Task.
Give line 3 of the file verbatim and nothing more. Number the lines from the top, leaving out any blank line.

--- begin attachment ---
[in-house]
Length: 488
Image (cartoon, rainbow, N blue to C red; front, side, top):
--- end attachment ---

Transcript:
Image (cartoon, rainbow, N blue to C red; front, side, top):